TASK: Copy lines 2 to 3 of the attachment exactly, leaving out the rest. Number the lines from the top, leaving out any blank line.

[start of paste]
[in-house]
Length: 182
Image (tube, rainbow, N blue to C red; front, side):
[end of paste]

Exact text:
Length: 182
Image (tube, rainbow, N blue to C red; front, side):